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MasterVoices Presents Adam Guettel's WORK, Starting February 24

"Work" is the second chapter of Guettel's theatrical song cycle 'Myths and Hymns'

MasterVoices Presents Adam Guettel's WORK, Starting February 24

MasterVoices will present Work, the second chapter of a four-part virtual rollout of award-winning composer Adam Guettel's theatrical song cycle, Myths and Hymns. This free digital production will be offered starting on Wednesday, February 24 at 6:30 PM ET on and the ensemble's YouTube channel.

Inspired by Greek myths and a 19th-Century Presbyterian hymnal, the 1998 cycle is a kaleidoscopic collection of musical genres as it explores the nature of faith and longing in a secular world. New short musical films will illustrate the protagonist's exploration of Flight, Work, Love, and Faith.

Work features the MasterVoices chorus and soloists Shoshana Bean, Daniel Breaker, Anthony Roth Costanzo, Michael McElroy, Ailyn Pérez, and Nicholas Phan, and actor John Lithgow. Also contributing are directors Anthony Roth Costanzo, Doug Fitch, Anne Kauffman and Ted Sperling; visual artists Manik Choksi, Erik Freer, Thomas Nguyen, Adrienne Rogers, and Ray Charles White; lyricist Ellen Fitzhugh; and orchestrators Don Sebesky and Jamie Lawrence.

Myths and Hymns' first chapter, Flight, launched on January 13 and the third and fourth chapters (Love and Faith) will be released in free digital installments, streaming on April 14 and May 26. All chapters will remain available for streaming from their respective launch dates until June 30, 2021. Held the evening prior to each installment's public launch, MasterVoices will host a private virtual screening with additional content featuring director Ted Sperling and some of the artists. More details on the screenings are available here.

Following his Obie Award-winning 1996 musical Floyd Collins - for which Ted Sperling served as Music Director - Adam Guettel's next project was the song cycle Myths and Hymns. The songs were inspired by two very different sources: the ancient Greek stories of Icarus, Pegasus, Hero and Leander, and Sisyphus, and Protestant hymn texts that the composer found in an antique hymnal. It was workshopped in several forms and venues and ultimately performed as Saturn Returns in an extended run at the Joseph Papp Public Theater in 1998, where it became a must-see event. Sperling and Guettel made a recording of selections for Nonesuch Records using the original title, and ever since then the work has been known as Myths and Hymns.

The song cycle opens with a jaunty prologue, Prometheus, and is sparked by the song Saturn Returns: the Flight. This song lays out the central issue that the cycle is attempting to resolve: a "hunger inside" that is not easily categorized or sated, a feeling that something has been lost, a yearning for completion, for fulfillment. The four chapters then explore different "places" where the answer may lie. In the first chapter, Flight, the answer seems to be "up," or "away." Guettel frames the myth of Icarus as the story of a young man striving to get out from under his famous father's shadow and shine like the sun. After his crash, the solace and hope of Migratory V expresses the human aspiration to fly together and soar above the troubles below. The retelling of Pegasus explores the fall of the hero Bellerophon when he angers Zeus. The chapter ends with the cycle's first hymn text, Jesus, the Mighty Conqueror, with its refrain consisting of the single word, "rise," repeated over and over.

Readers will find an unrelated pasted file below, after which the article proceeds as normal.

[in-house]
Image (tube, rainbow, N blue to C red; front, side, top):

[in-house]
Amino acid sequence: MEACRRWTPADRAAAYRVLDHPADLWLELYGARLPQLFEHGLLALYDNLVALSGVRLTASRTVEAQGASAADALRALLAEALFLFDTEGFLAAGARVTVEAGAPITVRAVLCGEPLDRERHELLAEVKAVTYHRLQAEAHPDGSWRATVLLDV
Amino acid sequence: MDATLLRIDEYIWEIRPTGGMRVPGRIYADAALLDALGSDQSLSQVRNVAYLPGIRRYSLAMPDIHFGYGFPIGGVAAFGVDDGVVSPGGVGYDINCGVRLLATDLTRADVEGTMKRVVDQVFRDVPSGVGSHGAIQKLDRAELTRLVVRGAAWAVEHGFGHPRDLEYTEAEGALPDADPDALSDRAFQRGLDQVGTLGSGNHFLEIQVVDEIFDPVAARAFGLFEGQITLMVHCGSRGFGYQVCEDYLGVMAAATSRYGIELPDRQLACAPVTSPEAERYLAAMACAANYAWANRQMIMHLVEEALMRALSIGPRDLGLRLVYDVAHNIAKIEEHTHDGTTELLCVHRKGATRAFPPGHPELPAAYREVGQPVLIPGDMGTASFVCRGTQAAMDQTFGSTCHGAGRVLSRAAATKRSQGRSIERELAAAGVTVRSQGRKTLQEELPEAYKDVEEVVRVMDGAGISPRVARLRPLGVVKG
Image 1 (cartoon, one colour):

In the second chapter, Work, the possible answer comes in dedication, striving, and struggle. Children of the Heavenly King/At the Sounding is a call to action creating an ebullient mood, and in contrast, Build a Bridge describes the sense of futility of attempting a bridge too difficult to cross. It is followed by the humorous back-and-forth motion of Sisyphus, who is relentlessly optimistic that he will finally succeed in pushing the rock to the top, and the chorus, which is forced to watch his vain efforts. Life is But a Dream takes "Row Your Boat" as a jumping-off point, and asks ruefully, "Is it really like the song? Do we gently row along?" The chapter ends with Every Poodle with scat lyrics and raga-inspired dance breaks, a release after all this effort.

Learn more here.

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